However, that’s about as far as it goes I think…. students and parents alike showed an utter contempt for being ruled by an algorithim, which is one of the primary mechanisms of social control in post/ late modern societies (via actuaralism) – and yet when its workings are brought to light, people resisted – they wanted justice and meritocracy rather than this bizarre way of managing selves.

Also the fact that people actually seem to care about their results and want a sense of justice isn’t really postmodern – it’s a very modernist concern, to be interested in one’s education and future career, and I get the feeling that rather than kicking back and enjoying their postmodern leisure time, students have just been generally worried about their results and their future.

So there’s been a high level of uncertainty and fear/ worry, that’s quite postmodern, but the fact that people actually care about education, that’s more modernist….

Two-stage balloon rocket as an introduction to ‘experiments’ in sociology

The two-stage balloon rocket experiment is a useful ‘alternative’ starter to introduce the topic of experiments – a topic which can be both a little dry, and which some students will find challenging, what with all the heavy concepts!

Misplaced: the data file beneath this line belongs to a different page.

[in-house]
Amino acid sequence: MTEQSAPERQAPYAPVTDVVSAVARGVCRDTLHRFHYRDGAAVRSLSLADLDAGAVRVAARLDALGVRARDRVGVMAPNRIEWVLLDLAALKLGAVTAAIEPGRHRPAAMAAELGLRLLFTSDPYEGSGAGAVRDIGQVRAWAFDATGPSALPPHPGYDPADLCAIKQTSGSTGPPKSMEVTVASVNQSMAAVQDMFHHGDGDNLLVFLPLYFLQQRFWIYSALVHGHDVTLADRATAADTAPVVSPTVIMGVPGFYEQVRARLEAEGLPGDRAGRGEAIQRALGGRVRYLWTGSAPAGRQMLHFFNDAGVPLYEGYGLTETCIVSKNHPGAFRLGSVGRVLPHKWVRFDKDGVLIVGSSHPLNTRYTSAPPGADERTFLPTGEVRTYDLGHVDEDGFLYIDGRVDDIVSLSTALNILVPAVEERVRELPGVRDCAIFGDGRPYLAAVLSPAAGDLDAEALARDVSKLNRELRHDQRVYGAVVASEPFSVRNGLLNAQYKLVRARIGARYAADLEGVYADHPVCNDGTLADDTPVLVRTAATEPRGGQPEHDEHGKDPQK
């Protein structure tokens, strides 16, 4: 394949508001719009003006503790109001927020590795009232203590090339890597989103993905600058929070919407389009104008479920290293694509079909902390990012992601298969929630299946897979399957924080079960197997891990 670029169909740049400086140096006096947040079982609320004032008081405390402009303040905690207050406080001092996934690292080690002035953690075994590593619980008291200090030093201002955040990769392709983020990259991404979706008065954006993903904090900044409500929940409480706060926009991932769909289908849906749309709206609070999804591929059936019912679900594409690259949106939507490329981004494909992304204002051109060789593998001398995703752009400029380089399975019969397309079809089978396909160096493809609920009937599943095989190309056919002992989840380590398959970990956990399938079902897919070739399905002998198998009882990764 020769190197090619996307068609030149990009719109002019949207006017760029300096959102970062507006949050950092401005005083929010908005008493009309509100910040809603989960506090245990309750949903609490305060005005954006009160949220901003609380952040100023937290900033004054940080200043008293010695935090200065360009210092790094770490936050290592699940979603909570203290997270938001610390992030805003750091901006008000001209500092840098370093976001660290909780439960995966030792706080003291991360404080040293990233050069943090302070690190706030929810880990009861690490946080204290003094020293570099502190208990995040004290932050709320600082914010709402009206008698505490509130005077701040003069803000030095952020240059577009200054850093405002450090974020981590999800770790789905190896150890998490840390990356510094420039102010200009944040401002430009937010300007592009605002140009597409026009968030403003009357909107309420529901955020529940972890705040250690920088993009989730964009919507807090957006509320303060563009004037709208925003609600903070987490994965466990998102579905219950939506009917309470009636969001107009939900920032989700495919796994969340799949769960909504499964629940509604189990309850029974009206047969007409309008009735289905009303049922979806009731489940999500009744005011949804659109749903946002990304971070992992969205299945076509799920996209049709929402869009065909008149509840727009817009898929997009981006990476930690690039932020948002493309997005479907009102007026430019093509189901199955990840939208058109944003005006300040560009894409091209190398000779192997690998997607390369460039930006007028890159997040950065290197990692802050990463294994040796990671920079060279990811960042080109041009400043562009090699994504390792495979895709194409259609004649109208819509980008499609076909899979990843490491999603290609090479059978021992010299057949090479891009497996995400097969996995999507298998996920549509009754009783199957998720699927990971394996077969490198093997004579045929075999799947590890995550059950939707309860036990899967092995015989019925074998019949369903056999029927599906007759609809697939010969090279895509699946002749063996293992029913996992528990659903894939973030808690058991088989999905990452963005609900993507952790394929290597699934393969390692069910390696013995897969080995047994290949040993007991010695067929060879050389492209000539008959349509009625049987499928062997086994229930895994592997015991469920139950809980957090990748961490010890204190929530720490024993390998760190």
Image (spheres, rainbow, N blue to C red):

Using the experiment outlined below can help by introducing students to the concepts of ‘dependent and independent variables’, ’cause and effect’, ‘controlled condition’s, ‘making predictions’ and a whole load of other concepts associated with the experimental method.

The experiment, including the materials you’ll need, and some discussion questions, is outlined here – you’ll need to sign up, but it’s easy enough to do, you can use your Google account.

Keep in mind that this link takes you to a full-on science lesson where it’s used to teach younger students about physics concepts – but modified and used as a starter it’s a useful intro a sociology lesson!

Also, students love to revert back to their childhood, and you can call this an activity which benefits the lads and the kin-aesthetic learners, Lord knows there’s precious little enough for them in the rest of the A-level specification, so you may as well get this in while you can!

The two-stage balloon rocket experiment

(Modified version for an intro to experiments in A-level sociology!)

  1. Set up the two-stage balloon rocket experiment in advance of the students coming into the classroom. Set it up with only a little amount of air, so it deliberately is a bit naff on its first run.
  2. Get students to discuss what they think is going to happen when you release the balloon along the wire.
  3. Release the balloon.
  4. Discuss why it didn’t work too well.
  5. Get students involved with redesigning the experiment
  6. Do round two.
  7. Use the examples of ‘balloon speed’ as ‘dependent’ and ‘amount of air/ fuel’ as independent variables’ when introducing these often difficult to understand concepts in the next stage (excuse the pun) of the lesson.

Questions you might get the students to consider:

  • What variables did we find had the biggest impact on how far the rocket traveled?
  • Did any variables have a very small impact or no impact at all?
  • If we had more time or other materials available, what changes would you make to make the rocket travel even farther?

Don’t forget to save the animal modelling balloons you would have bought for this and use them for the ‘Balloon Animals Starter’ in the next lesson on field experiments.